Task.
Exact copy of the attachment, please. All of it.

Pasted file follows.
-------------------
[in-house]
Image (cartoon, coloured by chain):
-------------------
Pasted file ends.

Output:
[in-house]
Image (cartoon, coloured by chain):